Ireland is the most expensive country to buy alcohol in the EU 3 years ago

Ireland is the most expensive country to buy alcohol in the EU

The report compared 28 Member States across the European Union.

In a recent study compiled by the EU statistical office Eurostat, figures show that alcohol and tobacco in the European Union are at their most expensive in Ireland.

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The report, which compares a number of goods and services between EU states, found that although price levels for alcoholic beverages and tobacco across Europe showed significant variations, Ireland undeniably came out on top.

The price survey covered more than 2400 consumer goods and services across the 28 EU Member States.

The lowest alcohol price level in 2017 was registered in Bulgaria (56% of the average), just ahead of Romania (69%) and Hungary (70%).

At the opposite end of the scale, the highest prices were observed in Ireland (174%) and the United Kingdom (157%), followed at a distance by the three Nordic EU Member States – Finland (139%), Sweden (127%) and Denmark (123%).

This large price variation is mainly due to differences in taxation of these products among Member States.

Patricia Callan of the Drinks Industry Group of Ireland (DIGI) and Director of ABFI, commented on Eurostat's figures, mentioning that tax has a huge part to play.

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“Our high excise tax is an anti-competitive tax on one of Ireland’s largest employers and fastest-growing industries.

“Today’s figures show definitively that Ireland’s price levels vary significantly and that our excise rates are completely out of kilter with our European peers. This is yet another reminder that action is needed now. Ultimately, high levels of excise are a tax on businesses and a sector that contributes significantly to the Irish economy in terms of jobs, particularly in rural Ireland. It is also a penal recession-era tax on consumers which needs to be reversed.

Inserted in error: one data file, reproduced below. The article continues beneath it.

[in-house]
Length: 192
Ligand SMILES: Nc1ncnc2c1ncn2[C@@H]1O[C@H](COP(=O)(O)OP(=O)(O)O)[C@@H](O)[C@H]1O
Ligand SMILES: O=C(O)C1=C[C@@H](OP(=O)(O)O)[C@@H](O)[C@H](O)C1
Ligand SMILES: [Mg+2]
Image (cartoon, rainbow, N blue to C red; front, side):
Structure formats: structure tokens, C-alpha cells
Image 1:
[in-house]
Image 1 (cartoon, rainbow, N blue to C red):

“DIGI, through its Support Your Local campaign, is calling on the Government to take special notice of Ireland’s drinks and hospitality sector as it formulates Budget 2019 and will be seeking a reduction in our high excise tax rate to support the continued growth and development of this industry."

Consumer electronics, however, are at their cheapest in Ireland in comparison to Member States.

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This is a group that also varied widely across the 28 countries, ranging from 86% of the average in Ireland to 110% in Denmark and France.

Clothing is another market showing a smaller price disparity among Member States, with Bulgaria (80% of the average) cheapest and Sweden (134%) most expensive.

With the noticeable exception of Denmark (144% of the average) and the Netherlands (121%), price differences among Member States were also limited for personal transport equipment, from 81% in Slovakia to 111% in Finland, Ireland and Portugal.